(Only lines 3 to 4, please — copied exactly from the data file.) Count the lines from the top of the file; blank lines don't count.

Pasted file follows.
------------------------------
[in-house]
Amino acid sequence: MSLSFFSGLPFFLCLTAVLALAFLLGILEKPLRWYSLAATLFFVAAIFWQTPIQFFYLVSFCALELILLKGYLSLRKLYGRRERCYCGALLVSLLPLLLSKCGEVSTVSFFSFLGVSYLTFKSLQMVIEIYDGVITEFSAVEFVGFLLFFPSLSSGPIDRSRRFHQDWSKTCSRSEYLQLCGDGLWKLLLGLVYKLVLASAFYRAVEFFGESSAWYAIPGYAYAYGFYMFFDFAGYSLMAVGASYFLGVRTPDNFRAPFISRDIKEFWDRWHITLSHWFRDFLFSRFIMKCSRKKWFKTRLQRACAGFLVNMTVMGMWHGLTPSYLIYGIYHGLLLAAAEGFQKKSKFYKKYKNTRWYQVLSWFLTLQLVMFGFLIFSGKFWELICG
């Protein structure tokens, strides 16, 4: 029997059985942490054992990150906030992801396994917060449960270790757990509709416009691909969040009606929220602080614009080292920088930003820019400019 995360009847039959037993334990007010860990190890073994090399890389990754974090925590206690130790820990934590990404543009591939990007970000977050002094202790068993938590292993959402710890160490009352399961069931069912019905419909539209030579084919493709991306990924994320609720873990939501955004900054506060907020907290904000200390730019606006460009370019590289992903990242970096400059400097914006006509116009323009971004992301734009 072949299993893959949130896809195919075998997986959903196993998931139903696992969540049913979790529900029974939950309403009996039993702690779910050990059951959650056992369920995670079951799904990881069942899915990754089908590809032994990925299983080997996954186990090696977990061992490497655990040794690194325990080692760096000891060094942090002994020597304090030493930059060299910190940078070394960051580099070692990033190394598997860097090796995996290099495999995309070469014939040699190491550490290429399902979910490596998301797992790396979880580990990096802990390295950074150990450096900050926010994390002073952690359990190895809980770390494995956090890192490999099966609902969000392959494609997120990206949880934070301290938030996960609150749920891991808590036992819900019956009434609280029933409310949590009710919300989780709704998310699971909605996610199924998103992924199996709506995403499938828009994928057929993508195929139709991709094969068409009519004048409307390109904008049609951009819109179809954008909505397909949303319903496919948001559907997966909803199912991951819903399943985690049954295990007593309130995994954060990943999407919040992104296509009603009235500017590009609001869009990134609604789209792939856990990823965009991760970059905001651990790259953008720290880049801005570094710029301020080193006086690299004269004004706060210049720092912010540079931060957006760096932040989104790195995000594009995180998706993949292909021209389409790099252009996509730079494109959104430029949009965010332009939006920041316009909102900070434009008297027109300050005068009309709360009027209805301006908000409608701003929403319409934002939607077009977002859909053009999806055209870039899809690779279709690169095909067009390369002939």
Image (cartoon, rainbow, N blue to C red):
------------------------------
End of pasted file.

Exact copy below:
């Protein structure tokens, strides 16, 4: 029997059985942490054992990150906030992801396994917060449960270790757990509709416009691909969040009606929220602080614009080292920088930003820019400019 995360009847039959037993334990007010860990190890073994090399890389990754974090925590206690130790820990934590990404543009591939990007970000977050002094202790068993938590292993959402710890160490009352399961069931069912019905419909539209030579084919493709991306990924994320609720873990939501955004900054506060907020907290904000200390730019606006460009370019590289992903990242970096400059400097914006006509116009323009971004992301734009 072949299993893959949130896809195919075998997986959903196993998931139903696992969540049913979790529900029974939950309403009996039993702690779910050990059951959650056992369920995670079951799904990881069942899915990754089908590809032994990925299983080997996954186990090696977990061992490497655990040794690194325990080692760096000891060094942090002994020597304090030493930059060299910190940078070394960051580099070692990033190394598997860097090796995996290099495999995309070469014939040699190491550490290429399902979910490596998301797992790396979880580990990096802990390295950074150990450096900050926010994390002073952690359990190895809980770390494995956090890192490999099966609902969000392959494609997120990206949880934070301290938030996960609150749920891991808590036992819900019956009434609280029933409310949590009710919300989780709704998310699971909605996610199924998103992924199996709506995403499938828009994928057929993508195929139709991709094969068409009519004048409307390109904008049609951009819109179809954008909505397909949303319903496919948001559907997966909803199912991951819903399943985690049954295990007593309130995994954060990943999407919040992104296509009603009235500017590009609001869009990134609604789209792939856990990823965009991760970059905001651990790259953008720290880049801005570094710029301020080193006086690299004269004004706060210049720092912010540079931060957006760096932040989104790195995000594009995180998706993949292909021209389409790099252009996509730079494109959104430029949009965010332009939006920041316009909102900070434009008297027109300050005068009309709360009027209805301006908000409608701003929403319409934002939607077009977002859909053009999806055209870039899809690779279709690169095909067009390369002939």
Image (cartoon, rainbow, N blue to C red):